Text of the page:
Oh, the nations of the earth will always be divided by strife, hatred, and pride. But from among those nations God gathers to Himself a church agreeing in faith! It is the faith of our father Abraham. In light of that we are able to take what is said of Abraham in this verses of Hebrews 11 and make specific application of it to ourselves, though we live centuries after Abraham did.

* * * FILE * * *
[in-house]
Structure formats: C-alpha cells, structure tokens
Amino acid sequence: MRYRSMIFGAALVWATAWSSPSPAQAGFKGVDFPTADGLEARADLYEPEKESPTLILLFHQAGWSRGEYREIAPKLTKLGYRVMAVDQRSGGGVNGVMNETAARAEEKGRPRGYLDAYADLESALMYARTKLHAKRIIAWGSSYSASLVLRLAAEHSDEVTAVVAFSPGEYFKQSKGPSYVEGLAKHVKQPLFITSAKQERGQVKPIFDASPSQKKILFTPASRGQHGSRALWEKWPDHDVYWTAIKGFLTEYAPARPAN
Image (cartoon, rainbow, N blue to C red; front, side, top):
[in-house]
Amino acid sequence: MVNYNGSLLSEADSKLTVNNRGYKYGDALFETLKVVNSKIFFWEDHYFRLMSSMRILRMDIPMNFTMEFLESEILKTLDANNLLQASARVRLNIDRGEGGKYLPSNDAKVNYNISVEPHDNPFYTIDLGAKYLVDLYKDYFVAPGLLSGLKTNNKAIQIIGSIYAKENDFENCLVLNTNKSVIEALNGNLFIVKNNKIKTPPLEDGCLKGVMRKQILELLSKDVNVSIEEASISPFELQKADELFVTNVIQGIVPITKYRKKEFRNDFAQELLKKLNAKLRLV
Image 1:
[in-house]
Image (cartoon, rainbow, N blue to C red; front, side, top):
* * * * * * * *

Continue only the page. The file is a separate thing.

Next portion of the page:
That being established, let us look back at the faith of Abraham from the point of view of the Word of God before us. Faith is the substance of things hoped for. Abraham hoped for something. He believed that God was going to fulfill something. In other words, Abraham’s faith had something as its object. We learn of the object of the faith of Abraham in our text. Abraham sojourned in the land of promise, we are told in verse 9. And at the end of that verse, he dwelt in tabernacles with Isaac and Jacob, who were heirs with him of the same promise. The object of Abraham’s faith was God’s promise. It was this promise that he saw afar off, and was persuaded of it, and embraced it, and confessed it. What promise is that? That God would give to him and his children the land of Canaan as a possession. And that his children would be as the dust of the earth that no man can number.